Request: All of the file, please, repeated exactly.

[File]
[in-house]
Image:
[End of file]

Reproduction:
[in-house]
Image: